WRITTEN BY ELIZABETH MENDEZ
On Oct 12, non-profit volunteer organization New York Cares sponsored the “Beautify The Beaches” project at The Conference House in Tottenville, Staten Island.
The sand was discolored, the tide was almost to the grass a few feet away, and the pavilion that once stood by the water was destroyed. All that was left was the wooden foundation and a fence around it.
One year ago, Hurricane Sandy hit the Tristate area and caused irreparable damage from which residents are still reeling.
The coastline of Staten Island was hit with the storm surge which reached 16 feet at its peak, compared to a tide of 11.1 feet in Battery Park in Manhattan.
In the area of Staten Island which had the most casualties, there was a storm surge that reportedly fluctuated between five and six feet every 30 seconds, which meant that large waves were repeatedly slamming the shoreline as it peaked.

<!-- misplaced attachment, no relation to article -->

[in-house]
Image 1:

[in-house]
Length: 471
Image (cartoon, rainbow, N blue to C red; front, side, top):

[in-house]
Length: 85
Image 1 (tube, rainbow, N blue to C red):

Much of the storm surge was funneled through Raritan Bay, between southeastern Staten Island and New Jersey, as the storm made its violent way toward the Atlantic coast.
Combined with the heavy wind gusts that Sandy brought, from 80 to 100 mph, the storm surge kept the waters from receding in low tide like they normally would.
One year after Hurricane Sandy, there is still much work to be done to repair the shore towns along the east coast, and they will be forever more vulnerable.
For Staten Island in particular, there has been a one and a half foot rise in sea level in 1821, which makes the island more vulnerable to further disasters. There has been so much erosion that Mid Atlantic beach visitors often find themselves devoid of the long stretches of sand before walking right into the water.
However, thanks to the community spirit of all those affected, there have been endless relief efforts from the last year to fix the shorelines and restore beaches to their old beauty. New York Cares Beautify the Beaches Project will host another volunteer day on Saturday, November 16. Find more information here to sign up.